EB: There are a lot very interesting projects around the internet. What is one project that really surprised you or something that touched you personally?
Massimo: It’s hard to pick just one project. There are many projects. For example, most of the open source 3D products that you find on the market either have an Arduino board, or something which is derived from an Arduino board inside. Clearly, the whole 3D thing is very interesting for us and goes very far.
People have made machines that you can use to analyze DNA, or quad copters – small helicopters with four propellers that fly almost by themselves. Also there are more silly projects that people build as a joke. For example, some people built a machine that mixes cocktails called an Inebriator. You put a glass and it moves around and fills the glass with different liquors and it builds a cocktail. Obviously, you get a big range of different projects. It’s hard to say that there’s one project I like more than the others.
EB: Why was it important that you made sure the project was open source?
Massimo: The others and I had different levels of experience with Linux, so we saw the benefit of being in an open source community. We based our work on a lot of open source software, so clearly we wanted to keep that cycle running. On the other hand, we also wanted to experiment by making the hardware open and see what happens, see what people do when they have a design that they can build upon.
It was important to create an ecosystem around Arduino that wasn’t just based on the people who are out there because they make the money and sign contracts. It’s a live ecosystem of people who give back by helping people on the forum. There are a number of amazing people that help other users on the forum and they give back because it’s an open source project. If we lose that open source nature, we become a regular company which loses that spirit of cooperation, freedom, and helping each other – all that we like.
EB: I saw a video from Code Academy a few days back saying that everybody should learn to program because it lets you think in very creative ways. Would you go one step ahead and say that everyone should learn to program Arduino electronics?
Massimo: I would say that you can learn to program with Arduino because it’s a computer anyway. I think in general, being a part of the world that surrounds you in every stage of the human evolution depended on knowing a certain language. If you used New English you could move around the world and do things. Now were having a chat in English, but English is not my first language. Now I think programming is becoming the language that you need to be part of the 21st century.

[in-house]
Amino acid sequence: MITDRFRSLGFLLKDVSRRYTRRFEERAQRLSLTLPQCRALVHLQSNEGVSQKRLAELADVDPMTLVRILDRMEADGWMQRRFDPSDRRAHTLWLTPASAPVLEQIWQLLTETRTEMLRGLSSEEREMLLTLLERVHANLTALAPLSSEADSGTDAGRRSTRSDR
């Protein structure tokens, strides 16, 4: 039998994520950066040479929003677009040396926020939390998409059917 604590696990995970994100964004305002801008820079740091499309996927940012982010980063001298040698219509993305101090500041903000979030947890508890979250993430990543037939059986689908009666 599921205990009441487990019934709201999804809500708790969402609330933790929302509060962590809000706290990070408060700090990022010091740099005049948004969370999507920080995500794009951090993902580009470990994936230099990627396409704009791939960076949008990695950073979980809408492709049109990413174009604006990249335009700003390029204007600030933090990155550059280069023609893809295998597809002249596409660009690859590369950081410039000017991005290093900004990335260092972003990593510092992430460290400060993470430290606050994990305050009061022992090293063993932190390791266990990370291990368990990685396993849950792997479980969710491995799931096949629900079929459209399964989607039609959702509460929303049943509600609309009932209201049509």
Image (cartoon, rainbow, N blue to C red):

There are several different programming languages that serve different purposes. One step forward is what we’re doing with Arduino. We’re programming physical objects, so we’re programming devices that sit in your house and do things; devices that solve problems for people. I think that’s important. Programing Arduino is important for that step. You can start to access a new type of device which is not your laptop, not your desktop, not your mobile phone. It goes beyond.
Also we notice that from an educational point of view, the moment you do programming, and you make something happen in real life – you get a deeper satisfaction out of that process because they made it happen. For example, a light goes on or a motor moves. They didn’t make some pixel on the screen change color; they find that less important. But when they see something happening in real life, they’re really captured by that.
EB: I could feel a difference between programming in a laptop and making some light blink. Even though it was a really simple thing, it got me interested. We can say to a certain extent that we have successfully put computers of some shape or form in every household. When I look around most of them are closed or proprietary for some practical reasons, and for some good business reasons. Open source hardware is still something that is special. So what would you recommend to move in the direction of going towards open source hardware?
Massimo: Open source hardware is going to have the same problems that open source software has had in order to be accepted. Clearly there are a number of companies who make a lot of money by selling proprietary software. Obviously they have the resources to tell people that open source software is bad, it’s not good, or it doesn’t work. On the other hand we have to admit that open source software for a long time was kind of hard to use if you weren’t an expert. Only recently are there versions of Linux that my mother could use.
Some people do say that this Arduino stuff is not reliable, that it’s not professional – so we have to fight against that attitude. On the other hand people prefer to sell proprietary devices because they get more money. Also, open source hardware is not truly open source hardware because a lot of the components themselves are proprietary. For example the processor on the board is still made by some company which has patents and protects the design. There’s no such thing as a purely open source hardware. We have that particular issue which is going to be hard to solve.